Alena’s mother died when she was three years old and she’s been raised by her brother ever since. He doesn’t talk much about it, nor does his partner (who isn’t otherwise so reticent). Now fifteen, Alena is curious and wonders what the secret is. But the closer she gets to the truth, the more angry her brother gets. It’s only when she accidentally discovers her mother’s history as a political activist and digs up one of her old friends, that the secrets start to be revealed.
Interspersed with this main story is a subplot about an anonymous bomber who is targeting supermarkets in the area and another one about violence against gay men (and a local coffee shop) in the neighborhood. An opportunistic racist politician also plays a role.The subplots are all ways of illustrating the costs of radical politics in various different guises. They hang loosely – either too obvious or too obscure – to really tie into the story. This leaves them with a feeling of just being filler.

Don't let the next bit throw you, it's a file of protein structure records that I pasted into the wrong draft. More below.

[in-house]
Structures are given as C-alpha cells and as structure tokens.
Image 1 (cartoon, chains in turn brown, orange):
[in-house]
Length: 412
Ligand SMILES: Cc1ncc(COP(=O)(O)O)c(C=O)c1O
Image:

The novel has interesting ideas, but Barter’s delivery is awkward: there’s an unforgivable repetitiveness in the interactions between Alena and her guardians that goes like this: they hide things from her, she gets suspicious and acts on her own, and then gets in trouble for the ramifications of her actions. It takes a surprisingly long time for everyone to come clean and choose openness as a best policy. And it's awfully tiring to hear the same lame excuse about the adults worrying that Alena is too young to handle the truth. The evolution and growth of the characters is rough, uneven, and largely unnecessary.